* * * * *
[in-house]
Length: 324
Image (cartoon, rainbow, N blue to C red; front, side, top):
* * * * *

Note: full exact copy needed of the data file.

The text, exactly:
[in-house]
Length: 324
Image (cartoon, rainbow, N blue to C red; front, side, top):